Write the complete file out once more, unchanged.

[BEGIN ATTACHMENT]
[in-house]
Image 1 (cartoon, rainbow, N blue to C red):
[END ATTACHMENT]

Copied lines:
[in-house]
Image 1 (cartoon, rainbow, N blue to C red):